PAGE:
Yes, thought I, it is evident enough that Bartleby has been making his home here, keeping bachelor’s hall all by himself. Immediately then the thought came sweeping across me, What miserable friendlessness and loneliness are here revealed! His poverty is great; but his solitude, how horrible! Think of it. Of a Sunday, Wall Street is as deserted as Petra; and every night of every day it is an emptiness. This building too, which of weekdays hums with industry and life, at nightfall echoes with sheer vacancy, and all through Sunday is forlorn. And here Bartleby makes his home; sole spectator of a solitude which he has seen all populous — a sort of innocent and transformed Marius brooding among the ruins of Carthage!
For the first time in my life a feeling of overpowering stinging melancholy seized me. Before, I had never experienced aught but a not-unpleasing sadness. The bond of a common humanity now drew me irresistibly to gloom. A fraternal melancholy! For both I and Bartleby were sons of Adam.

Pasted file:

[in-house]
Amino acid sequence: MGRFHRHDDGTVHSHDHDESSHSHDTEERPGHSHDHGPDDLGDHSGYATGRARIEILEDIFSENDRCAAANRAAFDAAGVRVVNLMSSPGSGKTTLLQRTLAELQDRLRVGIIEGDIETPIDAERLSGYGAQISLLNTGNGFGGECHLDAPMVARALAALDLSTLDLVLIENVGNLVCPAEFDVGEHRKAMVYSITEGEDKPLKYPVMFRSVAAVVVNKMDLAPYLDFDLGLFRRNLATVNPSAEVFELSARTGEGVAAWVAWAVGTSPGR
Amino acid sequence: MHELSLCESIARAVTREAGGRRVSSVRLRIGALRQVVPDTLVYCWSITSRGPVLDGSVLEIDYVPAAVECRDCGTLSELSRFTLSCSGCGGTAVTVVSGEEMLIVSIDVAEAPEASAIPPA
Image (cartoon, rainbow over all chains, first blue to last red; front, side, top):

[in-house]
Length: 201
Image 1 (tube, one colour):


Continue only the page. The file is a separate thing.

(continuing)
– Herman Melville, “Bartleby, The Scrivener”
I first read this short story in high school, and have not reread it since then. There are worse things to read on Christmas, if you don’t celebrate Christmas. The myth of Christ is intertwined with the story of Bartleby, and yet the entire thing is pleasantly subsumed in irony and nihilism. It’s a good way to think about what this omnipresent holiday means and has meant to our and other cultures, without actually engaging in it.